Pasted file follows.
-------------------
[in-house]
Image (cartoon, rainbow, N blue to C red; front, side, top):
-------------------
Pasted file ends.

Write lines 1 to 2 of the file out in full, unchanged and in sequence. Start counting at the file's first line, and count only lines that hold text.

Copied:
[in-house]
Image (cartoon, rainbow, N blue to C red; front, side, top):